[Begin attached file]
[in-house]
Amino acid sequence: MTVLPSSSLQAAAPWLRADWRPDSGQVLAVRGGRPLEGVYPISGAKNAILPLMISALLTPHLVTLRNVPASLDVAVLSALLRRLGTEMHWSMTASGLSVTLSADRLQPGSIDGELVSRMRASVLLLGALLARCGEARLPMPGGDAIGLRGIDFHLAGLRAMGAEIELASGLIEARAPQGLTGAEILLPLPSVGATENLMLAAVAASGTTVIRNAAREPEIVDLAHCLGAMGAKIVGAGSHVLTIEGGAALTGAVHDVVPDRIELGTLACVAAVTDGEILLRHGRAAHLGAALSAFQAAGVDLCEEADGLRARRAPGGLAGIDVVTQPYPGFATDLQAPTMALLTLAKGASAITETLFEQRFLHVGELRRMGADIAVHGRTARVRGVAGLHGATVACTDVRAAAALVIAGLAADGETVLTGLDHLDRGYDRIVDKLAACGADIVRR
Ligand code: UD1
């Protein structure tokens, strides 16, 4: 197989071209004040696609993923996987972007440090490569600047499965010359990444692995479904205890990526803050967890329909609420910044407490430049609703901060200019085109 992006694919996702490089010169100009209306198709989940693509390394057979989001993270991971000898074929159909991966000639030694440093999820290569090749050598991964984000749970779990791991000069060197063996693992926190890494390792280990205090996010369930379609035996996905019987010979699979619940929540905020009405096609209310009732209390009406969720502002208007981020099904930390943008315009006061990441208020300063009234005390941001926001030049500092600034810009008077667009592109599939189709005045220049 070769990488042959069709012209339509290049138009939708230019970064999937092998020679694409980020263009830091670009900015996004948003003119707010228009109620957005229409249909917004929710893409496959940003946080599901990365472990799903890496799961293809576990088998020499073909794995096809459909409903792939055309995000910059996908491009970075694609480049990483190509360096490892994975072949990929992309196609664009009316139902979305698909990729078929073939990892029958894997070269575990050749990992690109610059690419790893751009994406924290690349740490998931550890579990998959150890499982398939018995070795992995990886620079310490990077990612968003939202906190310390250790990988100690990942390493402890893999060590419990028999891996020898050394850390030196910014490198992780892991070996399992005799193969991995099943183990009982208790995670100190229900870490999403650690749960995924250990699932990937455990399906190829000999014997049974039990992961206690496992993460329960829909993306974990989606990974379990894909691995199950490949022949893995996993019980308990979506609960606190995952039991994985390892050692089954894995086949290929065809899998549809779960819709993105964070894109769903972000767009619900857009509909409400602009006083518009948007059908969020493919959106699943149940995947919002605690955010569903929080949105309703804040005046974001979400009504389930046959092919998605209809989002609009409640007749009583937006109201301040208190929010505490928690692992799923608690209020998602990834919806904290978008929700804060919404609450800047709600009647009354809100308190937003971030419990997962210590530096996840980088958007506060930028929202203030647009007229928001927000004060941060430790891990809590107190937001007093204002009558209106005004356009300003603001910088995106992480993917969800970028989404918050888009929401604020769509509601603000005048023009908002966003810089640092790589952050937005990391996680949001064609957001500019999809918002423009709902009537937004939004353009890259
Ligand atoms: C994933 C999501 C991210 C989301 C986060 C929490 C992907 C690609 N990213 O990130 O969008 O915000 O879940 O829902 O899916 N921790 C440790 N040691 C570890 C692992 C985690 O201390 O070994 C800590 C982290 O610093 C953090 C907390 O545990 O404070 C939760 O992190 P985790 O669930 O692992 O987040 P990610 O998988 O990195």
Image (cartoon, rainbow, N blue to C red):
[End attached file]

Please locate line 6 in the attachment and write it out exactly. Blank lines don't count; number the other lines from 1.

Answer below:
Image (cartoon, rainbow, N blue to C red):